Panzanella - a recipe to celebrate stale bread

Panzanella is a traditional Tuscan recipe, which perfectly blends fresh ingredients with stale bread for an easy vegetarian salad. 

It is a great example of a healthy, sustainable and quick recipe. If you make it in summer, you can enjoy the seasonal flavours of the salad vegetables.

It's also a wonderful way to use up stale bread that we might normally waste - here in the UK, we throw away 32% of the bread we buy.

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Salvatore’s Panzanella

Panazella in bowl
  • 250g stale sourdough/ wholemeal bread, ripped into 2–3cm pieces
  • 60ml good red wine vinegar
  • 60ml olive oil
  • 1 clove of garlic, crushed
  • 500g cherry or good-quality ripe tomatoes - how to grow your own tomatoes
  • Salt and freshly ground black pepper
  • Bunch of fresh basil - how to grow your own basil
  • 1 celery heart, thinly sliced
  • 1 small red onion, thinly sliced
  • 50g stoned olives
  • Pinch of dried oregano
  • Lots of good olive oil

1. Put the bread into a wide, shallow serving dish. Put the vinegar, oil and garlic into a bowl and mix together, then drizzle over the bread, mixing it in well with your hands.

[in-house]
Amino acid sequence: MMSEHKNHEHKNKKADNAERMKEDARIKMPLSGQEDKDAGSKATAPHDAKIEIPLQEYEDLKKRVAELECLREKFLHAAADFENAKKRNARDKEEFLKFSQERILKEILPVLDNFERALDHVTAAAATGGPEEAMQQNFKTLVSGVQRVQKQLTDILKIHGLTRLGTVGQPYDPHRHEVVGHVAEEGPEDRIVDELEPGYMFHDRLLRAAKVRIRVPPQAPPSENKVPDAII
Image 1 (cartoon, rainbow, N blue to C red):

2. Halve the tomatoes, sprinkle with salt and add to the bread.

3. Set aside a few leaves of basil for the garnish and scatter the rest over the bread, along with the celery, onion and olives. Sprinkle with a little oregano and drizzle with lots of good olive oil.

4. Cover the dish and set to one side in a cool place until ready to serve.

For a more substantial lunch, experiment with extra ingredients - capers, roasted peppers, cheese or beans all work well.  

This version of the Tuscan original, called Salvatore's Panzanella, is featured in a new cookery book by Jane Baxter and Henry Dimbleby.

Leon: Fast Vegetarian taps into the growing interest for sustainable food and cooking with less - or no - meat, and with vegetables as the main attraction. But instead of trying to disguise them - slathering them with sauces, shaping them into burgers and shrouding them in pastry - Baxter and Dimbleby encourage us to let vegetables take the spotlight undisguised. 

If you think veggies deserve their time in the spotlight, join the growing movement to Eat Better and we'll keep you topped up with ideas, tips and recipes for sustainable food.